The findings may lead to simpler delivery and lower costs, possibly increasing the number of young people who get vaccinated, said the report in the journal Cancer Prevention Research.
The HPV vaccine is recommended for girls and boys before they become sexually active, but US research from 2012 showed that only one third of US female teens and fewer than 7% of US boys got the recommended three doses.
"Our findings suggest promise for simplified vaccine administration schedules that might be cheaper, simpler, and more likely to be implemented around the world," said Mahboobeh Safaeian, an investigator in the Division of Cancer Epidemiology and Genetics at the National Cancer Institute in Maryland.
How the study was done
The study focused on a population of nearly 7 500 women aged 18-25 in Costa Rica. Although all were supposed to get the recommended three doses of the HPV vaccine at different times, about 20% of participants did not.
So researchers analyzed blood samples from a group of 78 who got one dose, compared to groups of 120 to 192 that received two or three doses as planned.
They found that all the women in all three groups had antibodies against virulent strains of HPV, known as 16 and 18.
These antibodies persisted in their blood for up to four years, which is about as long as researchers have expected the vaccine to be effective.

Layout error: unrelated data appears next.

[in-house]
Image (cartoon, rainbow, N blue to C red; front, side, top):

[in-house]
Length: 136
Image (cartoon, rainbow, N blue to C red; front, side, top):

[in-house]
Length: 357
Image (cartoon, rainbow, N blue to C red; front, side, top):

The levels of antibodies also appeared stable over time, even though they were slightly lower in the single dose group, suggesting "these are lasting responses," said the study.
The vaccine used in the study was Cervarix, made by the British pharmaceutical giant GlaxoSmithKline.
"GSK is continuing to review findings from this trial and is committed to ensuring regulatory authorities and public health officials have access to this information," a company spokesman told AFP.
Impact of the findings
Study authors said antibody responses after a single dose have not been evaluated for Gardasil, the quadrivalent HPV vaccine made by Merck that is more widely used in the United States and many other countries.
More research is needed before any formal changes can be decided, but Safaeian said the findings could have far-reaching impact in low income nations.
"Vaccination with two doses, or even one dose, could simplify the logistics and reduce the cost of vaccination, which could be especially important in the developing world, where more than 85% of cervical cancers occur, and where cervical cancer is one of the most common causes of cancer-related deaths," she said.
HPV can cause oral, anal, and cervical cancer.
According to the World Health Organization, cervical cancer is the second most common cancer in women worldwide, and causes 500 000 new cases and 250 000 deaths each year.